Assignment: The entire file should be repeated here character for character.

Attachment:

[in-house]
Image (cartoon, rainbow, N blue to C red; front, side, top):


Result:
[in-house]
Image (cartoon, rainbow, N blue to C red; front, side, top):